Original languageEnglish (US)
Pages (from-to)1240-1248
Number of pages9
JournalJournal of Infectious Diseases
Volume203
Issue number9
DOIs
StatePublished - May 1 2011

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Smoke
Tobacco Products
Tuberculosis
Mycobacterium tuberculosis
Macrophages
Lung
Spleen
Alveolar Macrophages
Dendritic Cells
In Vitro Techniques
Acrolein
Infection Control
Aerosols
Nicotine
Inbred C57BL Mouse
Interleukin-10
Interferons
Tumor Necrosis Factor-alpha
T-Lymphocytes

ASJC Scopus subject areas

  • Immunology and Allergy
  • Infectious Diseases

Cite this

Cigarette smoke increases susceptibility to tuberculosis-evidence from in vivo and in vitro models. / Shang, Shaobin; Ordway, Diane; Henao-Tamayo, Marcela; Bai, Xiyuan; Oberley-Deegan, Rebecca; Shanley, Crystal; Orme, Ian M.; Case, Stephanie; Minor, Maisha; Ackart, David; Hascall-Dove, Laurel; Ovrutsky, Alida R.; Kandasamy, Pitchaimani; Voelker, Dennis R.; Lambert, Cherie; Freed, Brian M.; Iseman, Michael D.; Basaraba, Randall J.; Chan, Edward D.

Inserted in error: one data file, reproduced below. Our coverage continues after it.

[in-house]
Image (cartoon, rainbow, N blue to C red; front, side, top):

In: Journal of Infectious Diseases, Vol. 203, No. 9, 01.05.2011, p. 1240-1248.

Research output: Contribution to journalArticle

Shang, S, Ordway, D, Henao-Tamayo, M, Bai, X, Oberley-Deegan, R, Shanley, C, Orme, IM, Case, S, Minor, M, Ackart, D, Hascall-Dove, L, Ovrutsky, AR, Kandasamy, P, Voelker, DR, Lambert, C, Freed, BM, Iseman, MD, Basaraba, RJ & Chan, ED 2011, 'Cigarette smoke increases susceptibility to tuberculosis-evidence from in vivo and in vitro models', Journal of Infectious Diseases, vol. 203, no. 9, pp. 1240-1248. https://doi.org/10.1093/infdis/jir009